In 2003 before Pentascope took over, NITEL generated and collected N51.43 billion as revenue in one year from about 555,055 connected lines. After 23 months of Pentascope take over, the connected lines dropped to 440,000 with a debt profile of over N40 billion which eventually led to the revocation of the sale to Pentascope. In 2005, Orascom, an Egyptian Telecoms giant, failed to buy the company because their $250 million was said to be below the reserved price.
The take over of NITEL by Transnational Corporation (TRANSCORP) in 2006, was celebrated with fanfare. The $500 million deal promised to turn the fortunes of the company around. The Chairman of TRANSCORP, Dr. Ndidi Okereke-Onyuike, promised then that TRANSCORP will inject $1 billion dollars to revive it. In order for them to achieve this lofty objective, 7500 staff of NITEL were sacked to pave way for the so called prudent management because they claimed that NITEL was over bloated. Instead of improving the fortunes of NITEL, three years after TRANSCORP takeover; the company is almost on its knees. Before the latest revocation of sale to TRANSCORP, government had criticised them for failing to live up to their promise. John Odey, former Minister of Information and Communication, last year said;
“Since TRANSCROP took over the company in 2006, the fortunes of Nitel/M-tel have been nose- diving despite public commitment made by TRANSCORP to within two years, inject about $1 billion dollars to rehabilitate and acquire of new equipment and technology. To date, no fund has been injected.”The minister also alluded to the fact that TRANSCORP has not been able to raise money from the capital market due to poor subscription of its IPO which was 36.2 percent subscribed.Odey also said that TRANSCORP failed to implement schedule 3 of the share sale purchase agreement which led to the pulling out of their technical partner, British Telecom(BT). The former PDP spokesman lamented that, “In addition to sacking thousands of staff, TRANSCORP has consistently failed to make regular payment of salaries to the remaining 4000 NITEL staff”.
Condition of NITEL today
As at June 1, 2009, when government finally revoked the sale of NITEL to TRANSCORP, the company was indebted to the tune of N17 billion naira. When they took over, NITEL connected line was 400,000. Three years after, it has dropped to less than 100,000. Working lines was 296, 000. It has dropped to 5,000.M-TEL had about 1.3 million lines when TRANSCORP took over. As at today, the lines stand at less than 100, 000. The 250,000 CDMA lines that was at 90 percent completion before TRANSCORP took over, has not been completed. There were 249 (out of the original 284) active exchanges in the NITEL network nationwide at the time TRANSCORP took over. Today, less than 60 of them are working. Many of them shut down due to power problem.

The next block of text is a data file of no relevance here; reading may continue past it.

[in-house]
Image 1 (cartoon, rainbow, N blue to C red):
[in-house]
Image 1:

The transmission link nationwide optic fibre network and the Micro-wave (radio) link have broken down. Today, you can’t call any location (e.g. Abuja-Kaduna) on a land line.
Is unbundling the answer?
After experimenting with NITEL for eight years, BPE is now mulling the unbundling option without taking the blame for its collapse. The BPE failed to do a sound technical and financial verification of both the Pentascope and TRANSCORP before they sold NITEL to them. If they finally agree to unbundle NITEL, it will be worthwhile to ascertain the capacity of interested investors to avoid the mistake of the past.
The BPE in its wisdom, thinks that breaking NITEL into five different components is the best way out. NITEL comprises M-tel, the mobile telecommunication wing, the South Atlantic Terminal (SAT-3), Analogue Cellular Phone and the CDMA units.BPE spokesman, Chibo Anichebe, says that each of the operating units already has a separate licence that would need to be reviewed.” The unbundling is just a plan. When the board is inaugurated, the plan will be presented to them by the privatisation advisers. If they accept it, they will then take it to the National Council on Privatisation for approval”.
Telecoms experts think that NITEL is now a hard sell because with 67 million subscribers out of a population of 140 million in Nigeria, the telecoms’ market appears largely taken over. It would be very difficult for new investors in view of NITEL problems to break into the market.
They argue that the super high way and first national carrier that NITEL used to enjoy is no longer there. This is because GLO will soon launch its Trans-Atlantic Submarine Cable Project called GLO One while another company is also launching Main One soon.
Experts also contend that unbundling could be very dicey because M-tel switches and equipment are co-located with NITEL. So prospective buyers of MTEL will have to buy only GSM licence while it rolls out a new network from scratch.
From all indications, the plight of the nation’s first National Telecom Carrier still hangs in the balance and only time will tell if the once thriving company can ever bounce back to life under whatever guise and arrangement.